If you are a shooter fan, especially military shooters, 2010 was a solid year for you. Riding the coattails of late 2009 release Modern Warfare 2, Battlefield Bad Company 2 dropped in March and saw critical and financial success. Developer DICE blended the vehicular combat of their famous Battlefield series with the modern shooter feel of a Call of Duty title and seemed to split the market in early 2010. Later in the year Halo: Reach released. The final Halo title from original developer Bungie, Halo: Reach provided the most robust online options for a title to date as well as a strong campaign.
Medal of Honor would see a series revamp to modern times with developer Danger Close handling the short but sweet campaign and DICE tackling the multiplayer. With a brief single player, no more than six hours for most to complete, and the multiplayer was basically Bad Company 2 with tighter maps and no vehicles. As a result, Medal of Honor failed to impress critics. But Medal of Honor was a success with gamers more than a million copies and final 2010 sales could surpass 2 million.
One of the biggest anticipated releases this year was Treyarch’s Call of Duty: Black Ops. Set during the cold war era, Black Ops took you on a wild roller coaster of locales and situations in its campaign, proving to be one of the best written for the series. Multiplayer was tweaked with minor changes to the established formula like currency to purchase new weapons, perks, and attachments. For those not into military shooters there was still plenty to enjoy with Bioshock 2, Singularity, Section 8 and Vanquish.
RPG fans got a slew of new games to grind away hundreds of hours. At the beginning of the year, Bioware’s highly anticipated Mass Effect 2 released and hasn’t left some gamers’ hearts since. An upgraded battle system that functioned like a cover-based shooter and impressive story elements made this a must-play for the year. Couple that with the promise of a third and final title that will incorporate all your decisions in the first two games and there’s little reason not to play.
White Knight Chronicles and Lunar Silver Star Story opened the year on Sony’s consoles but were quickly shadowed by the gorgeous Final Fantasy XIII. Released on both PS3 and 360, FF XIII dazzled with its visuals and a new battle system was met with mixed reviews. Still, there was no denying that by the end of this 50-80 hour ride you felt the epic sense of accomplishment that few titles other than Final Fantasy illicit. Those still in love with Dragon Age Origins saw the release of the huge Awakening add-on, available in both disc and digital form, to extend play significantly. Monster Hunter, a powerhouse franchise in Japan on the PSP, released on the Wii and created a loose online MMO for the console with hundreds of hours of gameplay and content. Unfortunately the Wii was probably the worst console for the game, as interest quickly died out. The fact that interaction was limited to the Wii Speak, which acted like a bad speakerphone, added to the frustration of even the most devoted players.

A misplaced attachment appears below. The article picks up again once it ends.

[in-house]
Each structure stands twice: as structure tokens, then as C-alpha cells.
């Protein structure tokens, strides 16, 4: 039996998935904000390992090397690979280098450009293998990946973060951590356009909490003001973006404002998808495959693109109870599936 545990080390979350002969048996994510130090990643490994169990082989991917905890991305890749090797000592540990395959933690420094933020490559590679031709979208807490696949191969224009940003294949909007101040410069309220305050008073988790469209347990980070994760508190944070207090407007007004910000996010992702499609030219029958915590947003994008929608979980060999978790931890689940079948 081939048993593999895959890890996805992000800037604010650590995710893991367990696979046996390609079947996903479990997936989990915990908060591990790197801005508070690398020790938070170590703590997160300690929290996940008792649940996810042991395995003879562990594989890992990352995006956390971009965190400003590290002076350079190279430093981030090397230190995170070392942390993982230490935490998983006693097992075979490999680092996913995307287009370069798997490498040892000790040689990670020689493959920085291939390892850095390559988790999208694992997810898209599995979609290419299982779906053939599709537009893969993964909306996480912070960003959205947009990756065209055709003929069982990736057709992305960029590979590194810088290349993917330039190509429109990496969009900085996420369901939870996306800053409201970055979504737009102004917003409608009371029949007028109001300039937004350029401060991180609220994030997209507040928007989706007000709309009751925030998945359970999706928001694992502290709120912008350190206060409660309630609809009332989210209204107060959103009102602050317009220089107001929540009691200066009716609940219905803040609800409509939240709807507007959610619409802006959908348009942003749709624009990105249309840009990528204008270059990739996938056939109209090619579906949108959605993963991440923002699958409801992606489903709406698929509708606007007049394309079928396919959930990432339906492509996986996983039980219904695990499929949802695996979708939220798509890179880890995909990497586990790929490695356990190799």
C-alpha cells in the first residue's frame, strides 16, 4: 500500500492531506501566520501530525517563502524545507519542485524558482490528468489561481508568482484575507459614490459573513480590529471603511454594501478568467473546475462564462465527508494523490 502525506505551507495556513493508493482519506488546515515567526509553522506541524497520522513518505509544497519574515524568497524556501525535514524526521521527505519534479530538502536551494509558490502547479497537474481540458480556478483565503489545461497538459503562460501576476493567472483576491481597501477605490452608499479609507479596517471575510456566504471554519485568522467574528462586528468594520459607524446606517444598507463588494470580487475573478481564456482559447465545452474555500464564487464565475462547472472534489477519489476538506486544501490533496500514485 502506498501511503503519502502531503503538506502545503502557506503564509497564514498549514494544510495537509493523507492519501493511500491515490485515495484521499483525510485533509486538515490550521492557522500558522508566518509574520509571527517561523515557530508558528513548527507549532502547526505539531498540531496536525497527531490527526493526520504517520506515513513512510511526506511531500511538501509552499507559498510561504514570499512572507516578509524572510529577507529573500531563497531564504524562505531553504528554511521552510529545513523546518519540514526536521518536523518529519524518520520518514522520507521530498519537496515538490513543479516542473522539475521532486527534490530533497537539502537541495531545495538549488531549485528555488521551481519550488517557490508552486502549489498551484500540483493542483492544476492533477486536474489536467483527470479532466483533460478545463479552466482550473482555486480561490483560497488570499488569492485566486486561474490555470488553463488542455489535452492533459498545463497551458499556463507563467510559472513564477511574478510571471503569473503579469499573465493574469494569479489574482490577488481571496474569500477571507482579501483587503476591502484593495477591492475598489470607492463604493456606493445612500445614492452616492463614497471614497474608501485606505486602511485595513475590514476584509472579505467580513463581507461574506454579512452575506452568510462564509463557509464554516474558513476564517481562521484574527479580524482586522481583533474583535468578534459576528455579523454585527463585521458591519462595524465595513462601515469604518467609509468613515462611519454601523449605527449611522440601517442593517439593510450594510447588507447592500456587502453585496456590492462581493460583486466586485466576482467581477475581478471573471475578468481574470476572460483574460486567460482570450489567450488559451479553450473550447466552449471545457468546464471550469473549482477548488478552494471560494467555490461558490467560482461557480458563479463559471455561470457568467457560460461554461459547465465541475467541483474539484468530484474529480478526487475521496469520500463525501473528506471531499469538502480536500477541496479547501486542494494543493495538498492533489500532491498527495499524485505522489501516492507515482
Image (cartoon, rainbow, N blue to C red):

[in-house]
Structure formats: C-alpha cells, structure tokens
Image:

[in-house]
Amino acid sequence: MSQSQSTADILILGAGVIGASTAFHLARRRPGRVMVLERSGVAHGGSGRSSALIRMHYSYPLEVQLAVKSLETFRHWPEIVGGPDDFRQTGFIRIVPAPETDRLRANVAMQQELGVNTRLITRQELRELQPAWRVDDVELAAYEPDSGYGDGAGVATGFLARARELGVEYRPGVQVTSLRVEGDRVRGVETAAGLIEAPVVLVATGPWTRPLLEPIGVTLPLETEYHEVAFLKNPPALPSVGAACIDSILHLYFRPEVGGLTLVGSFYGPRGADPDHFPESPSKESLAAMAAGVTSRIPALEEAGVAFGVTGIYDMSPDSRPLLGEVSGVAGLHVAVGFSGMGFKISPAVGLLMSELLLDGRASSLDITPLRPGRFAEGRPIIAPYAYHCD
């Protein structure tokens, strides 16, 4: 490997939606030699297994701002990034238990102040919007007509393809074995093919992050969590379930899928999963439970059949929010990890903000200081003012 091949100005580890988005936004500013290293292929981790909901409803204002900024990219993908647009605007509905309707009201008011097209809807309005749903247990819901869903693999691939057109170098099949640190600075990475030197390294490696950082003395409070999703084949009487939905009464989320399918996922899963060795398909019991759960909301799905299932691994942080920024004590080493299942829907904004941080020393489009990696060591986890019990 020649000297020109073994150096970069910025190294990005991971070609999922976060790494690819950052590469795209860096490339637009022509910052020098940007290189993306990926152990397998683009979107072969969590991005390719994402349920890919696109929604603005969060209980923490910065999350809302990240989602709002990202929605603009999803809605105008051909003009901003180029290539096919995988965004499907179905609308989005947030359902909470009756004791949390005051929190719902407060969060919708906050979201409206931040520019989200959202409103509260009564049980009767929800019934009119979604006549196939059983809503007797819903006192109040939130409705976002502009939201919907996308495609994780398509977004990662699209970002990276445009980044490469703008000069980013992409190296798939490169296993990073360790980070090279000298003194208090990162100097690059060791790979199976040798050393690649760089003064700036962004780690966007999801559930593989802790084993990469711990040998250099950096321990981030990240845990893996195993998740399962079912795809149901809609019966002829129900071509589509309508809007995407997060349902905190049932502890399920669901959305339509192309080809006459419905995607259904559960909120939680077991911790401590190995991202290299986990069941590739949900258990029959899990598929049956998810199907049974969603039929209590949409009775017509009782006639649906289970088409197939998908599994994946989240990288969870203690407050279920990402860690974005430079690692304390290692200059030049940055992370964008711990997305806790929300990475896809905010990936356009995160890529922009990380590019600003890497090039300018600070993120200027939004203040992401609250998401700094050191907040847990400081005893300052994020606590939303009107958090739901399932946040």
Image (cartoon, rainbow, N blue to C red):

Alpha Protocol was hoping to take on Mass Effect with its secret agent action RPG, but glitches and a gameplay style not unlike the original Mass Effect seemed too dated after Mass Effect 2’s release in January. The second half of 2010 had minor RPG releases like Nier and Gothic IV, but most gamers were still trying to tackle the heavy hitters from the beginning of the year to notice.
Nintendo posted its first loss in several years in 2010 and it was clear that it is aware of the recent lack of support from the very fans that built up the company. Seemingly as a result, many fan favorite titles that first appeared at the Nintendo E3 press conference in June released a few months later in fall. A revamp of Goldeneye, the return of Donkey Kong Country and a new Kirby game helped assist Metroid: Other M and Super Mario Galaxy 2 in being all about the hardcore gamer. In addition, large JRPGs like Dragon Quest IX and Golden Sun: Dark Dawn worked hard to combat PSP's heavy hitters for the genre. Reviews and sales for most of these titles show promise, so here’s hoping Nintendo continues this trend for years to come.
Suffice to say that if you were disheartened that we didn’t mention Red Dead Redemption, Castlevania: Lords of Shadow, Need for Speed: Hot Pursuit and several others that they are on our list for consideration. It’s just been a wild year with so many new releases that we can’t cover them all in one article, but check out our Game of the Year awards for more titles you shouldn’t miss.